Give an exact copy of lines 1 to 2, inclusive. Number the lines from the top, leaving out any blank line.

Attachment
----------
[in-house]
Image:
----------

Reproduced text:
[in-house]
Image: